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The 50 Artists to Watch in 2023

Published by Florence Contemporary Gallery

@florence_contemporary_gallery


50 Artists to Watch, represents a guide, a catalog, a highly curated collection of selected artists to be follow closely in the near future. Florence Contemporary Gallery is excited to present this publication, which offers a unique opportunity to discover and invest in emerging talents who may be the next big names in the contemporary art world.These artists are the next generation of creative

pioneers, breaking new ground and challenging conventions while maintaining a high level of technical skill and craftsmanship.

Our team has worked tirelessly to identify a shortlist of artists who possess a distinct voice and creative talent. From abstract expressionism to realism, and everything in between, each piece has been chosen for its ability to move and inspire. By acquiring works from this collection, you not only enrich your own

collection with unique and innovative pieces, but also contribute to the growth and development of these talented individuals.

We hope that this catalogue will transport you to new and unexpected places, where you will discover the power and the beauty of emerging talent. As you explore these works, we invite you to contemplate the themes and issues that these artists address, and to consider the ways in which their work contributes to ongoing conversations in the art world. Our hope is that this catalogue will not only inspire and captivate you, but also introduce you to a new generation of talented artists who are set to make their mark on the art world.

These artists are the poets and the dreamers, the makers and the shapers, and we are honored to share their work with you. We are confident that you will love this journey, and remember that, by investing in their work, you support their artistic practice and you also become part of that future.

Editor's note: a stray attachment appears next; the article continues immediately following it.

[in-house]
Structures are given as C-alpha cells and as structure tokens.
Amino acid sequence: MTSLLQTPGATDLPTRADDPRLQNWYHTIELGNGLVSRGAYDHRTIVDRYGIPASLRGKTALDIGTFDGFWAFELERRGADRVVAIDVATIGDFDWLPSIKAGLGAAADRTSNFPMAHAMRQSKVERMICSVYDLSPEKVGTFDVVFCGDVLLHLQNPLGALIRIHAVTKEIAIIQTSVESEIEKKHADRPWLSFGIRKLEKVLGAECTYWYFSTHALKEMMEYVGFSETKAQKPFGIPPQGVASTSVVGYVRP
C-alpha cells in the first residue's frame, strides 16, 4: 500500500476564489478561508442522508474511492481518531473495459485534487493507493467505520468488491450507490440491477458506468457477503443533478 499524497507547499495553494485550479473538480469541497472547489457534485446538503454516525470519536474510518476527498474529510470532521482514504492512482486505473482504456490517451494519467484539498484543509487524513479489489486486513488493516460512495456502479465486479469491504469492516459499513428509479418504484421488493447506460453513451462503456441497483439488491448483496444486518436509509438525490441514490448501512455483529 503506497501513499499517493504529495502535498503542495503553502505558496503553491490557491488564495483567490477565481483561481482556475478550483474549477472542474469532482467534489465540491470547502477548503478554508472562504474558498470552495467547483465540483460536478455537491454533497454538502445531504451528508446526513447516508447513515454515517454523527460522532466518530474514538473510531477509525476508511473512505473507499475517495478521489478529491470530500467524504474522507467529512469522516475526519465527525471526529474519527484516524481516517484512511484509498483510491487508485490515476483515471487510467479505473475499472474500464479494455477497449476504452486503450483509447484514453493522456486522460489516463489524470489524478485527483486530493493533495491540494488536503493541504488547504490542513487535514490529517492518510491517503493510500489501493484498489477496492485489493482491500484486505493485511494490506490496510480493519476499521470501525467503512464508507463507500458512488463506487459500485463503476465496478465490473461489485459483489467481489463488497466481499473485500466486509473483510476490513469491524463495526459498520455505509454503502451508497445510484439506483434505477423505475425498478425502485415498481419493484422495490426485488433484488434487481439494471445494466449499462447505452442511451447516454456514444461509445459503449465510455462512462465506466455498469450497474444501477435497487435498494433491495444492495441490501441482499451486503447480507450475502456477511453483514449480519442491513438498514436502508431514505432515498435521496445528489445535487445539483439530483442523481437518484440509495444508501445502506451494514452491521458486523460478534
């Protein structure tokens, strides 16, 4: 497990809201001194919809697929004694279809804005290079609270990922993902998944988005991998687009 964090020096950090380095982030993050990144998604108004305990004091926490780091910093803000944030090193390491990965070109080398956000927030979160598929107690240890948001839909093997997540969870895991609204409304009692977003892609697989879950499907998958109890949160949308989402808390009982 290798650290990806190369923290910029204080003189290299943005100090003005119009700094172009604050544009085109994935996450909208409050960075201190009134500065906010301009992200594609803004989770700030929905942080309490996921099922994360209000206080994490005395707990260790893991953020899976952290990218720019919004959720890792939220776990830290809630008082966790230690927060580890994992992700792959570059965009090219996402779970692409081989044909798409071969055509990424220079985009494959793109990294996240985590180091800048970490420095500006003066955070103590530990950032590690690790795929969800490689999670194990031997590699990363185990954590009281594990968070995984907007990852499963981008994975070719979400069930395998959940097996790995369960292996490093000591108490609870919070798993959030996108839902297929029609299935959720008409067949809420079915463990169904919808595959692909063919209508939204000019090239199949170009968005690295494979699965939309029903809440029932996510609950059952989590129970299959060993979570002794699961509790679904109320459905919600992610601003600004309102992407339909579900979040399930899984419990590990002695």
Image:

Title: Memory- Sneaker

Year: 2022

Media: Wool Fiber

Dimension: 26 x 10 x10 cm


After making Oiran's clogs, I modeled this piece on my worn-out sneakers. Looking at the history of clothing, luxury was valued as a symbol of wealth and power rather than comfort. People have endured wearing high heels and corsets to look beautiful even though their legs and waist hurt. The Oiran clogs I made before this work are so tall and heavy that ordinary people cannot walk on them. In modern times, the code of clothing has become much looser. In creating this work, I observed my sneaker, and was surprised to find that a single sneaker had a variety of designs as well as functionality. I think sneakers that can be stylish without pain are a good new perspective.


Front

Side

Title: Leftover 2021

Year: 2021

Media: Silk Gauze, Goose Down, Hair Extension

Size: 22”H x 13”W x 4”D, 55 x 32 x 10 (cm)




Inspiration for Leftover


I observed a dead bird. The bird lost its shape in four or five days, leaving only bones and feathers at the end. These skulls, hairs and feathers are metaphors of the impermanence and insubstantiality of all life.

Immediately after we die, our bodies begin to decompose. However, if left without cremation, hair and bones will remain. Bones can sometimes be found in burial mounds that are more than 1,000 years old. No matter how rich, how smart, or how beautiful we are, we can only leave ourselves with hair and bones.

There is nothing we can protect forever, so why do we work recklessly, discriminate against others, and go crazy for money? I hope that the desire to leave something behind in this world will be directed to activities that will make the world a better place for the next generation.


Process behind Leftover


Since nature itself is cyclical, I incorporate the idea of reuse, regeneration and recycling.

This work recreates the theme of my previous work, "Leftover", and was made using materials I used last time: silk gauze, reused hair extensions, and goose down from old duvets found at home.

Casting a plastic skull, I made three silk gauze skulls. It is the same method as when making papier-mâché. This time, I planted hair on the skulls' heads and the small chunks of goose down were pierced by hairs. I connected three skulls with a braid at the tip of their hair.




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